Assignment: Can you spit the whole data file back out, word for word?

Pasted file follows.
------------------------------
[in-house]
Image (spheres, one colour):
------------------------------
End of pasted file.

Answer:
[in-house]
Image (spheres, one colour):